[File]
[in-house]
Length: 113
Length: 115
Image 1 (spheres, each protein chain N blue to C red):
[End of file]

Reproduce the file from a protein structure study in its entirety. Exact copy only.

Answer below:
[in-house]
Length: 113
Length: 115
Image 1 (spheres, each protein chain N blue to C red):